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“Undervalued” reflective writing a useful tool for Health Studies teaching

A female student sits in a library writing an assignment on a laptop.

Reflective writing, often seen as purely expressive rather than a critical or academic tool in undergraduate public health biology courses, can be a powerful learning exercise when grounded in course concepts and academic learning, encouraging students to apply their knowledge to real-world issues.

A new article published in the journal Pedagogy in Health Promotion by UTSC Health and Society Assistant Professor Obidimma Ezezika and Centre for Teaching and Learning Associate Professor Nancy Johnston detail the design, implementation, and evaluation of a reflective writing assignment integrated into a lower-year undergraduate public health course. The report provides recommendations to course designers and instructors aimed at maximizing the effectiveness of reflective writing assignments.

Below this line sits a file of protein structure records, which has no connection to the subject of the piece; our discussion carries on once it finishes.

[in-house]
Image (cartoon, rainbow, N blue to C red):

The article argues that writing reflection assignments facilitate learning and enjoyment of the course, and allows students to discover the relevance of the course content to their everyday lives. In addition, it allows instructors to evaluate how students apply the knowledge gained from the course and illustrates how a teaching collaboration across the university can lead to a valuable impact for students. The article identified writing workshops as a key measure in improving the quality of reflective writing assignments. As well, a detailed grading rubric is crucial in clarifying expectations for students and guides instructors on how to grade assignments objectively.

“When I first implemented a reflective writing exercise in 2018, it did not go as well as planned," said Ezezika, the lead author of the study. "However, reflecting on the setback and collaborating with Nancy Johnston from CTL led to impressive outcomes in its subsequent implementation and highlighted the importance of developing meaningful collaboration to enhance teaching within the university.”

“If there was anything this experience taught me, it was to be comfortable with trying out new pedagogical tools despite the potential for failure, learning from failure, listening to students and collaborating with pedagogical experts.”

For more information contact David Blackwood, Research Communications Coordinator, Department of Health and Society, University of Toronto Scarborough: